MUSICROW Magazine: Randy Travis, Charlie Daniels, Fred Foster Enter Country Music Hall of Fame
Inductees Randy Travis, Charlie Daniels and Fred Foster were saluted by a parade of superstar performances, and each expressed intense, heartfelt gratitude for being honored with their industry’s highest accolade. The nearly three-hour presentation was punctuated by more than a dozen standing ovations.
This annual event is titled “The Country Music Hall of Fame Medallion Ceremony,” since this marks the moment when the inductees are presented with their official medallions and bronze plaques as members of the Hall. It was staged in the CMA Theater at the Hall of Fame on Sunday evening (Oct. 16).
The event’s performances were bookended by superstar Dolly Parton and superstar Garth Brooks, both of whom are already members of the Hall. Each inductee was presented with his official medallion by another prior Hall inductee.
The ceremony began with the playing of Doc Watson’s guitar instrumental recording of “Windy and Warm.” Watson hailed from North Carolina, as did the song’s composer, John D. Loudermilk. This was a nod to the fact that Travis, Daniels and Foster are all native North Carolinians.
“Fred Foster is a genius at identifying genius,” said Kyle Young, the Hall’s CEO and the evening’s host. A video bio saluted the Monument Records founder and enduring record producer. It noted his involvement in the careers of Parton, Kris Kristofferson, Boots Randolph, Tony Joe White, Billy Grammer, Roy Orbison and Willie Nelson. Attendees Jeannie Seely, Charlie McCoy and Ray Stevens are Monument alumni, as well.
Monument’s stars also included Larry Gatlin & The Gatlin Brothers, including attendee Rudy Gatlin, plus Billy Swan, Grandpa Jones, Cindy Walker, Connie Smith, Bob Moore, Boudleaux Bryant, Harlan Howard, Rusty Draper, Billy Walker, Henson Cargill, Ed Bruce, Barefoot Jerry, Ray Price and Larry Jon Wilson.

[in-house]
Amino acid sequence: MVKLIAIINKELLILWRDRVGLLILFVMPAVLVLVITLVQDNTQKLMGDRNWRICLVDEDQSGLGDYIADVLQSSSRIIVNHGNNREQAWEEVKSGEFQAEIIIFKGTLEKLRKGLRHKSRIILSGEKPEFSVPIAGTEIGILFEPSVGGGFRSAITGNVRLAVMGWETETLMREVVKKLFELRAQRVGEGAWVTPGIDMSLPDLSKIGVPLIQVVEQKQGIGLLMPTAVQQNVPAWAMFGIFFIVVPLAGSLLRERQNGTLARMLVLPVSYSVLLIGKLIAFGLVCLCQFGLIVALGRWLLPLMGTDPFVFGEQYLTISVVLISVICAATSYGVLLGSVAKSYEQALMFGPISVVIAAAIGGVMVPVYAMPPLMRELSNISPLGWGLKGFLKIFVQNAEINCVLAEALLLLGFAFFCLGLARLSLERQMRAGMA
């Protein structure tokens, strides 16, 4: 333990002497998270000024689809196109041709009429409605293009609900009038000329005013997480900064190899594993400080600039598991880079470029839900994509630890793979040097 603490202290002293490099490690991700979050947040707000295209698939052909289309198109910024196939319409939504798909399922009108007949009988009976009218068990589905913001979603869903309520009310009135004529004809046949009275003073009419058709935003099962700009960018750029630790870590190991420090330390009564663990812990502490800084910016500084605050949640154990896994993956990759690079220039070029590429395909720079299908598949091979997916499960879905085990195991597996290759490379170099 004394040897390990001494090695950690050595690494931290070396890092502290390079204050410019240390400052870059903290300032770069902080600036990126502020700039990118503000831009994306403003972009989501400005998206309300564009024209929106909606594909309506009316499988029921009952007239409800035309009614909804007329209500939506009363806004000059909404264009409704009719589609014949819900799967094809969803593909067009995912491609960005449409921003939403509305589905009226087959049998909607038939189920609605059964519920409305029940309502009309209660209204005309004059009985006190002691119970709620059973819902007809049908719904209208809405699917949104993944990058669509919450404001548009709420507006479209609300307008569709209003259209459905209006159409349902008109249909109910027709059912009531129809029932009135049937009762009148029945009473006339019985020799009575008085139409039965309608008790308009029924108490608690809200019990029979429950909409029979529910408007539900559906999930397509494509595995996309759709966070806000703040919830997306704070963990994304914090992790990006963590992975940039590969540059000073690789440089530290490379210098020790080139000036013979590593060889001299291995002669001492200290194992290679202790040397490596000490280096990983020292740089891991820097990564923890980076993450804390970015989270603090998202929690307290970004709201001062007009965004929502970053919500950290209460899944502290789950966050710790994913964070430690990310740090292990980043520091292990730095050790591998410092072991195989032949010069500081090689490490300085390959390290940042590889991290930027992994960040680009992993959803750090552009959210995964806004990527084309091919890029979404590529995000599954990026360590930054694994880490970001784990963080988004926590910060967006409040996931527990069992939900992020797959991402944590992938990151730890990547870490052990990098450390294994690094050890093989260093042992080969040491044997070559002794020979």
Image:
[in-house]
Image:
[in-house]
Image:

“You saw things in me that no one else did,” said Parton on stage, “and I hope I made you proud.” She performed “Dumb Blonde,” her first hit, which appeared on Monument in 1967. “Thank you, Fred. Thanks everybody. I’m so happy to be here.”
Brandy Clark performed “Blue Bayou,” which Foster first produced for Orbison on Monument in 1963. Kris Kristofferson sang “Me and Bobby McGee,” which he co-wrote with Foster. Fellow Hall of Fame member McCoy backed him on harmonica. The song first charted for Roger Miller in 1969 and became a huge pop hit for Janis Joplin two years later.
Vince Gill did the formal medallion presentation. “Every one of us needs a champion,” he said. “Fred Foster, for all these years, has championed great songwriters and great singers.”
“I am seldom at a loss for words,” responded Foster. “But I am at a loss to tell you exactly what this means to me….This is the one of the most unbelievable things that has ever happened to me and ever will. God bless you all.”
The Charlie Daniels video bio noted his pre-stardom work as a session musician for Leonard Cohen, Marty Robbins, Flatt & Scruggs, Bob Dylan and others. His famed Volunteer Jam concert events were also cited.
“Charlie, you posed a question at many Volunteer Jams,” Young reminded the inductee. That was, “Ain’t it great to be alive and to be in Tennessee?” He asked if Daniels felt that way that evening.
The first Charlie Daniels song recorded by another artist was “It Hurts Me” by Elvis Presley in 1964. Trisha Yearwood, a huge Presley fan, performed it for the honoree.
Jamey Johnson did “Long Haired Country Boy,” a Daniels hit in 1975. “I started doing this song back when I was in the Marines,” said Johnson, “and I didn’t have no long hair then…..God bless you, Charlie Daniels.”
Trace Adkins and top-flight fiddler Andrea Zonn did Daniels’ signature song “The Devil Went Down to Georgia.” In 1979, it sold a million, won a Grammy Award and was named CMA Single of the Year.